The quite exceptional degree of thought and inspiration that had obviously gone into the preparation of Sunday’s Christmas Concert by Aberdeen Bach Choir was once again reflected in the magnificent programme notes composed by the Choir’s musical director Peter Parfitt. Eighteen very different pieces of music from the middle ages to the twentieth century were ingeniously bound together by a series of equally diverse readings performed with admirable expressiveness and clarity by John and Margaret Hearne. This was far more than just a nine lessons and carols; I was reminded of one of those radio broadcasts from the 1950s in which words and music were interwoven to provide an almost symphonic whole that expounded its theme with astonishing cohesion and continuity.
There was far more than just sound in this performance too, the opening medieval carol, Angelus Ad Virginem, was presented with visual drama too with the male chorus in their seats at the front while the female chorus processed from the back of the darkened Cathedral carrying candles possibly symbolising Mary, the “Queen of Virgins Bright”.
The words of St. Luke writing of the Annunciation segued naturally into the Choir’s fine performance of Anton Bruckner’s Ave Maria. The dramatic control of varied dynamics in this piece underlined the glorious colours of Bruckner’s music to perfection.
The Magnificat is usually performed in its English settings as part of a choral evensong but of course its connection to the Christmas story became obvious in Sunday’s context and the Bach Choir with guest organist John Challenger delivered the Herbert Howells setting with luminous commitment.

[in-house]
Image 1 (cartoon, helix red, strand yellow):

The female voices excelled in Patrick Hadley’s I Sing of a Maiden and the sense of antiphonal drama that opened the performance was brought to the fore again with the small solo ensembles placed round the Cathedral in There Is No Rose.
The beautiful setting of A Spotless Rose by Herbert Howells was followed by Britten’s A Hymn to the Virgin and the first half reached a glorious climax with the Choir’s resonant performance of Tavener’s Hymn to the Mother of God.
The sense of mystical glory delivered by this music was echoed in the second half when John Challenger gave his dazzlingly clean and clear performance of Messiaen’s Dieu Parmi Nous from La Nativité. The French composer Poulenc appeared four times in this half, beginning with Quem Vidistis which had something of the colour of a French rustic carol in it. Hodie Christus Natus Est had more of his angular style while O Magnum Mysterium had both warmth and mysticism and was sung with real depth of perception, surely the result of Peter Parfitt’s sympathy and understanding of the music which he has so ably transmitted to his singers.
Stephen Cleobury’s Joys Seven had loads of energy and conviction and William Mathias appeared twice with his splendidly spiky writing for choir and organ. His adrenalin charged Sir Christémas with its final celebratory shout brought this uniquely brilliant Christmas Concert to a triumphant conclusion.
Review contributed by Alan Cooper